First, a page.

Thursday 8 December 2016

'I ended up in comedy by accident' - Chris O'Dowd wants to shed goofy image

Published 21/10/2015 | 08:36

Chris and David
Chris and David

He has a reputation for playing funny characters on screen, but Chris O’Dowd has said that he ended up in comedy “by accident”.

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After years starring in Channel 4 comedy The IT Crowd, the Roscommon actor got his big break playing Officer Rhodes in 2011 hit Bridesmaids and he admitted shaking off his comic image has been tough since, especially in America.

“Being considered for serious roles is hard when Bridesmaids was such a big movie,” he said.

“And particularly stateside, when it’s probably what 90pc of the people know you from. But you always just want to find the best work, not to tick a box.

Chris O'Dowd with Kristen Wiig in 'Bridesmaids'
Chris O'Dowd with Kristen Wiig in 'Bridesmaids'

“I ended up doing comedy by accident really. It’s not like it was a life plan or anything.”

In a change from playing the clown, Chris portrays journalist David Walsh’s quest to reveal the Lance Armstrong doping scandal in upcoming film The Program.

While the Calvary star has carved out a successful career for himself in the acting business, he said his childhood dreams weren’t pointing towards the film set, but rather the newsroom.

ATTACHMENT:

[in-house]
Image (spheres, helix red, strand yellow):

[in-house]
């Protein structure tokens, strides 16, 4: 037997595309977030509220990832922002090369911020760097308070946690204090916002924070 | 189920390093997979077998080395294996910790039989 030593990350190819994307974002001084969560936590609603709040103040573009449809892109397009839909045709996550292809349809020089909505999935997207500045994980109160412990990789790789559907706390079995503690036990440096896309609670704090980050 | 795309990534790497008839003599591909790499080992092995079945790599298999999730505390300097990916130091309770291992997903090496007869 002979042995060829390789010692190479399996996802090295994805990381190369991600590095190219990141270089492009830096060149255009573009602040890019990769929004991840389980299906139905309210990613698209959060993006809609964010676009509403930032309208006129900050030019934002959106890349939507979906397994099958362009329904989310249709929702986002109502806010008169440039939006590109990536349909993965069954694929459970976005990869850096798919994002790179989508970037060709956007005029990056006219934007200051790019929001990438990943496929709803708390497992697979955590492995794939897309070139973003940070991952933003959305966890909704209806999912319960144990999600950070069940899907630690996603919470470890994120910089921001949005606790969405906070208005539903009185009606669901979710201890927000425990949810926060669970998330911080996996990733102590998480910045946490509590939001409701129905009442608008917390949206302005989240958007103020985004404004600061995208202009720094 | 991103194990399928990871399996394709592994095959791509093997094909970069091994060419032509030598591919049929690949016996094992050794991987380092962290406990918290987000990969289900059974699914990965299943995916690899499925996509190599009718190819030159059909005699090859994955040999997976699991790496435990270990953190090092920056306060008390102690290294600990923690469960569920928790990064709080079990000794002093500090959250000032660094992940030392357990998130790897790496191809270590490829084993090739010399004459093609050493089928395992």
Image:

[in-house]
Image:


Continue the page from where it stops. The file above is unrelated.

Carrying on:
“I wanted to be a journalist quite a lot when I was in school, but I didn’t get the grades to go to the journalism college,” he said.

'Bridesmaids was brilliant but could he be a hard-edged journalist?' - David Walsh on reservations about Chris O'Dowd playing him in The Program  

Although the 36-year-old’s life might not have worked out quite how he imagined it, he sought inspiration from his eventful childhood for his hit Sky series Moone Boy.

The show shares many similarities with Chris’s own experiences growing up, including being filmed in his Roscommon home town Boyle, but he said sometimes his family aren’t always so pleased with their portrayals in the show.

“I mean, we kind of look at it all, not through rose-tinted glasses, but certainly I had a lovely childhood, so I wasn’t necessarily worried about dealing with issues from my past.

“There are moments when my family would be like, ‘that’s not how I remember it’,” he told the London Independent.

“But for the most part, the vast majority of it, relationship-wise it’s totally accurate to how I grew up. A lot of the stories kind of come and go.

The Program review - 'a compelling tale of fallen hero Lance Armstrong'  

“Some of them are based in reality and then you make them more funny in some way, or make them more interesting to watch,” Chris added.

Now based in London with his wife Dawn O’Porter (left) and baby son Art, Chris was back on Irish shores last week.

Instead of visiting one of Dublin’s VIP hotspots, the actor opted for a few drinks with a host of Irish politicians in the Dail bar after the Budget was announced.

'I don't feel any guilt, I really don't' - Irish journalist David Walsh on taking down Lance Armstrong  

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